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16 Nov, 2014 14:52

​Dutch ban poultry transport over ‘highly pathogenic’ bird flu strain

​Dutch ban poultry transport over ‘highly pathogenic’ bird flu strain

The Netherlands has discovered a “highly pathogenic” bird flu virus that can be transmitted to humans. The authorities have banned poultry transport throughout the country.

The strain of avian influenza, or bird flu, was found at a battery poultry farm in the village of Hekendorp, in the central province of Utrecht (population 300,000 people), late on Saturday, according to authorities.

"This highly pathogenic variant of avian influenza is very dangerous for bird life," the government said in a statement. "The disease can be transmitted from animals to humans."

No details have been revealed about the exact strain of bird flu the Netherlands is dealing with, but it’s known the variant endangers birds and is lethal for chickens.

The highly contagious H5N8 strain, confirmed on Saturday, was detected in Europe less than two weeks ago. The strain was found at a farm in northeastern Germany on November 4.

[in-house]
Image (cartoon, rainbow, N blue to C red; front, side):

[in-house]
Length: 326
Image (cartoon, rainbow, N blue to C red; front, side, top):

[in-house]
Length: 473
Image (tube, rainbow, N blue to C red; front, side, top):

The farm’s 150,000 hens are now being slaughtered, Dutch authorities said, adding that they are also applying protective measures for the people, who came into direct contact with the infected poultry.

Reuters/Aly Song

Amsterdam also imposed a 72-hour ban on transporting all poultry products throughout the country, including eggs, dung and used straw.

Sixteen poultry farms within a 10km radius of the infected area will be banned from transporting their products for 30 days. Security measures for visitors have also been introduced in the area.

Previous avian influenza outbreaks in the world have proved highly contagious and developed the ability to jump the species barrier to humans. Its highly pathogenic strain (H5N1) appeared in Asia in 2003. Avian influenza reached Europe in 2005 and the Middle East and Africa in 2006.

In March, inspections discovered bird flu in Gelderland province in the east of the Netherlands, where the population is over 2 million people. About 10,000 virally affected chickens were destroyed.

Earlier in November, Germany detected the first case of highly infectious H5N8 influenza in the country and over 30,000 turkeys were slaughtered.